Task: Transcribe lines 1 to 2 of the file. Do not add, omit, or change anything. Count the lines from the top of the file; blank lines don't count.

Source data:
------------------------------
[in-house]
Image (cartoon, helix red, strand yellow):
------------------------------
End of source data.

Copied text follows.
[in-house]
Image (cartoon, helix red, strand yellow):